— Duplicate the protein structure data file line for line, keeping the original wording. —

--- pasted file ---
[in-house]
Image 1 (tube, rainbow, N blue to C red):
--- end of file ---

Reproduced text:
[in-house]
Image 1 (tube, rainbow, N blue to C red):